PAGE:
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March 04, 2003

Iraq is rushing to come clean

US says its too little, too late

Associated Press

BAGHDAD, Iraq — Iraq crushed missiles, sliced casting chambers, unearthed bombs and sent scientists to talk with U.N. weapons inspectors Monday, all in a desperate effort to prove it is disarming before a crucial U.N. report at the end of the week.

France, Russia and China urged Iraq to meet every U.N. demand in hopes of staving off war, but the United States -- which might wage war even without U.N. authorization -- said the actions were too little, too late

Workers have unearthed buried bombs they say are loaded with anthrax, aflatoxin and botulin toxin, and inspectors are analyzing the contents. Iraq is readying a letter to the United Nations that proposes verifying it has gotten rid of anthrax and deadly VX nerve agent.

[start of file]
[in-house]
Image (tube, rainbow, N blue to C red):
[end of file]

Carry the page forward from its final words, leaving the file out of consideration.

Even Iraqi scientists who helped make missiles and chemical and biological weapons of mass destruction have begun to give private interviews to inspectors, something all but three had refused to do since December. Another scientist was interviewed on Monday, the fourth in as many days. The United Nations has asked to speak to more than 30 scientists since December.

After months of stressing disarmament, President Bush now speaks more frequently of "regime change," saying that for Iraq to avoid war, Saddam Hussein will have to go -- something few Iraqis can even imagine.

In a sense, the war has already begun. U.S. warplanes enforcing no fly zones in northern and southern Iraq have become much more aggressive in recent days, and have begun to go beyond their traditional targets of anti-aircraft weapons.